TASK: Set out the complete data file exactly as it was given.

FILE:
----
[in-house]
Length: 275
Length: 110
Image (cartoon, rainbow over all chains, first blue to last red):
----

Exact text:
[in-house]
Length: 275
Length: 110
Image (cartoon, rainbow over all chains, first blue to last red):